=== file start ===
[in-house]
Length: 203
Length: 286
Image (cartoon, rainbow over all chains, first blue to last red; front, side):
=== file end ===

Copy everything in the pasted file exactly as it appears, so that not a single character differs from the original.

[in-house]
Length: 203
Length: 286
Image (cartoon, rainbow over all chains, first blue to last red; front, side):